Six tips for travelling with a baby or toddler
Even for the most seasoned traveller, taking your first trip as a new family can be a daunting prospect. There’s so much to think about before you even set off that some, myself included, may wonder if it would be easier to stay at home.
But don’t do that. Last June I went away with my six-month-old daughter, Nora, and husband Seb, for our first foray abroad. Here’s what I learnt.
Location, location, location
We picked Sintra, Portugal, an hour’s drive from Lisbon, for simple, smart reasons: good weather, short flight, no time difference and an easy distance from an airport with many flights from the UK.
Under-twos usually fly “free” on your lap (you pay tax or a nominal fee). British Airways, Ryanair and easyJet allow two pieces of free equipment – a pushchair, car seat or travel cot – plus extra hand luggage for the baby but other airlines vary, so check. Baby milk is not subject to the 100ml liquids rule. Bring dummies and/or feeding equipment as sucking helps their ears during take-off and toys (spinners that stick to windows/tray tables are lightweight).
There are a handful of prams that fit into an overhead compartment (eg the Babyzen Yoyo or Bugaboo Butterfly), otherwise you can usually wheel it up to the tarmac before it goes in the hold. If this is the case, it's worth bringing a carrier in case you're waiting and need to be hands free.
If the airport offers fast track through security and passport control, it can be worth buying it – getting stuck in a long security queue with an unhappy baby is torturous. (Though sometimes, these queues can be longer than the regular queues so it's always worth assessing.) The Stansted fast track pass, for example, is as little as £7 per person (each side of travel). Some airports, however, such as Lisbon, have a handy separate check-in and security queue for those travelling with children so it might not be necessary.
Airlines often call families to board first – not, in fact, always a great idea, especially if your little one is on the move. It just means more time on the plane.
Don’t, as we did, leave it until you book the holiday to order the child’s passport, especially in peak times, in case of delays. Also don’t forget, as we did, a full spare change of clothes in hand luggage. Nora had an accident as soon as we got to the airport. Luckily we hadn’t yet checked the suitcases in so were able to pull something out instead of being forced to buy overpriced, sloganed Harrods children’s clothing in the departures lounge.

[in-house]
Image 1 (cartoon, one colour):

Baby on board
Book a car well in advance (there’s a shortage right now), ideally with a company that has a kiosk in arrivals, or – even better – one that brings a car directly outside the terminal. Faff is the enemy when travelling with children.
If your child is under four, do bring your own car seat if possible: you can’t guarantee they will have stock and so might end up with a booster seat.
Villas are great, especially if, like us, you are travelling with other families. In our villa, every family had their own bathroom, the pool was fenced off (necessary for toddlers) and there was a glorious walled patio where we could have long, languorous dinners once the tots all went to sleep. And a washing machine!
But don’t disregard hotels entirely. We ended the trip at family resort Martinhal near Cascais, which has a kids’ club where we could leave Nora while we had massages, and a shady pool area. The downside? Unless you book a suite or have outdoor space, you’re sharing a room with the baby. But it’s a small price to pay for no washing-up.
You don’t need nearly as much as you think, especially if you have a washing machine. Key items we brought included a comforter that smelt of home and a book to try and emulate the bedtime routine.
A night light and white noise machine (your phone can work for the latter) are advisable, even if you don’t use these at home – you never know what the lamp situation will be or what you may need to drown out. A SnoozeShade was also essential for sun protection and naps out and about.
Use packing cubes – and bring enough nappies for a few days. I wrongly assumed I could bulk buy them in Aldi and then spent an afternoon driving round pharmacies (a different beast on the continent).
Perhaps the most important tip of all: it’s no longer fly-and-flop. It’s fly and… parent in different, exciting and (hopefully) sunnier climes. And, if you stay at that hotel, less housework.